Army and Navy personnel, Red Cross nurses, and local police all responded to the disaster, with many rescuers working through the night, as temperatures plummeted again and the molasses became increasingly stiff. A makeshift hospital was set up in a nearby building to treat the injured, while the sticky goop made it nearly impossible to find all of the dead. It was four days before rescuers quit searching and even then, some of the victims had been swept out into the harbor and were not recovered for months.

the great molasses flood
  • camera-icon
  • Photo Credit: Wikipedia

The damage caused by the flood was considerable, but even the simple act of trying to clean up all the molasses was a laborious and time-consuming undertaking, with several hundred people working for weeks. Indeed, it is said that the water in the harbor was stained brown until summer that year. For decades after the incident, residents swore that the neighborhood smelled of molasses on hot summer days.

Related: The Cultural Impact of Volcanic Eruptions Throughout History

It was almost impossible to get clean from the sticky goo, and rescue workers, cleanup crews, and curious onlookers managed to track molasses nearly everywhere in the city in short order. “Everything that a Bostonian touched was sticky,” Smithsonian magazine wrote in 1983, looking back on the disaster.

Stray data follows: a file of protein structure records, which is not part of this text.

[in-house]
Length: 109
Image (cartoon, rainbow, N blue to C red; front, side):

Today the Great Molasses Flood is mostly remembered as an odd bit of eccentric historical trivia, referenced and lampooned in songs from bands such as Lemon Demon and The Darkest of the Hillside Thickets and an episode of Comedy Central’s Drunk History. However, at the time the disaster was a most serious catastrophe, costing numerous lives and leading to a wide range of changes in laws and government regulations regarding construction and storage of large quantities of even seemingly innocuous substanceslike molasses.

Sources: NPR